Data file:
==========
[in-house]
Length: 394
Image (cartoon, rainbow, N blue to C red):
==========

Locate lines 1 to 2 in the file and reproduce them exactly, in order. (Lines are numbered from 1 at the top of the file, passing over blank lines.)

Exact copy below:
[in-house]
Length: 394